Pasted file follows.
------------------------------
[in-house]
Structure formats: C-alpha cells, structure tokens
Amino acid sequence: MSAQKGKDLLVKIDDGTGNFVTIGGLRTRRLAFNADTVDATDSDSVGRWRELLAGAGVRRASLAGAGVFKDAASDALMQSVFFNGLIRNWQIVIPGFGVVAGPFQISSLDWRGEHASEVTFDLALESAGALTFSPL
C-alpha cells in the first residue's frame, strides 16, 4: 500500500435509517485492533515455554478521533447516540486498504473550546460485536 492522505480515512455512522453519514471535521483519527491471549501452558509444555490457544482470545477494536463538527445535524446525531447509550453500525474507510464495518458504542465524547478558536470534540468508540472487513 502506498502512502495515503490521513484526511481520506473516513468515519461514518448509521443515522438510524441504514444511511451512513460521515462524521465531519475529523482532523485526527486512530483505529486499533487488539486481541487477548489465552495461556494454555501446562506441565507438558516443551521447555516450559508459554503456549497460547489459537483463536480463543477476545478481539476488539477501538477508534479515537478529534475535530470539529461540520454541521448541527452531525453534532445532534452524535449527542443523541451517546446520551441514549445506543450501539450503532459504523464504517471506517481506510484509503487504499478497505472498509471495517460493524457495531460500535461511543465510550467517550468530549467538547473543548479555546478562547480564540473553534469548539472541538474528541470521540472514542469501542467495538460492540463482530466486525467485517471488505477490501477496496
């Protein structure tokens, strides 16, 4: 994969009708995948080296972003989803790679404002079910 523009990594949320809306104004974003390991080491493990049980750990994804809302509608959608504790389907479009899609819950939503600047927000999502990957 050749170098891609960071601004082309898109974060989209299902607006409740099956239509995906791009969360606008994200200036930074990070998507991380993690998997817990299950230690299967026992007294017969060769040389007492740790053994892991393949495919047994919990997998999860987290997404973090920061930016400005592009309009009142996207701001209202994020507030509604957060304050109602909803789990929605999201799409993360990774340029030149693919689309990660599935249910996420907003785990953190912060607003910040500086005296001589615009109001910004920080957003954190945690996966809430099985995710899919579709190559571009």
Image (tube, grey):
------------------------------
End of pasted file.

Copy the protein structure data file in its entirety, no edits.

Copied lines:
[in-house]
Structure formats: C-alpha cells, structure tokens
Amino acid sequence: MSAQKGKDLLVKIDDGTGNFVTIGGLRTRRLAFNADTVDATDSDSVGRWRELLAGAGVRRASLAGAGVFKDAASDALMQSVFFNGLIRNWQIVIPGFGVVAGPFQISSLDWRGEHASEVTFDLALESAGALTFSPL
C-alpha cells in the first residue's frame, strides 16, 4: 500500500435509517485492533515455554478521533447516540486498504473550546460485536 492522505480515512455512522453519514471535521483519527491471549501452558509444555490457544482470545477494536463538527445535524446525531447509550453500525474507510464495518458504542465524547478558536470534540468508540472487513 502506498502512502495515503490521513484526511481520506473516513468515519461514518448509521443515522438510524441504514444511511451512513460521515462524521465531519475529523482532523485526527486512530483505529486499533487488539486481541487477548489465552495461556494454555501446562506441565507438558516443551521447555516450559508459554503456549497460547489459537483463536480463543477476545478481539476488539477501538477508534479515537478529534475535530470539529461540520454541521448541527452531525453534532445532534452524535449527542443523541451517546446520551441514549445506543450501539450503532459504523464504517471506517481506510484509503487504499478497505472498509471495517460493524457495531460500535461511543465510550467517550468530549467538547473543548479555546478562547480564540473553534469548539472541538474528541470521540472514542469501542467495538460492540463482530466486525467485517471488505477490501477496496
């Protein structure tokens, strides 16, 4: 994969009708995948080296972003989803790679404002079910 523009990594949320809306104004974003390991080491493990049980750990994804809302509608959608504790389907479009899609819950939503600047927000999502990957 050749170098891609960071601004082309898109974060989209299902607006409740099956239509995906791009969360606008994200200036930074990070998507991380993690998997817990299950230690299967026992007294017969060769040389007492740790053994892991393949495919047994919990997998999860987290997404973090920061930016400005592009309009009142996207701001209202994020507030509604957060304050109602909803789990929605999201799409993360990774340029030149693919689309990660599935249910996420907003785990953190912060607003910040500086005296001589615009109001910004920080957003954190945690996966809430099985995710899919579709190559571009």
Image (tube, grey):